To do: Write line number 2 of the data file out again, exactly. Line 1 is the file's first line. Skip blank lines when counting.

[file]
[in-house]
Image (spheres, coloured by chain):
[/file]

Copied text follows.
Image (spheres, coloured by chain):